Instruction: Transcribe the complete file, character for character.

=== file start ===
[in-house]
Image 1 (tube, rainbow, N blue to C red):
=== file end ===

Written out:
[in-house]
Image 1 (tube, rainbow, N blue to C red):